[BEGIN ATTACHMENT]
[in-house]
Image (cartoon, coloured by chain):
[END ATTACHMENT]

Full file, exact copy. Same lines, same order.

[in-house]
Image (cartoon, coloured by chain):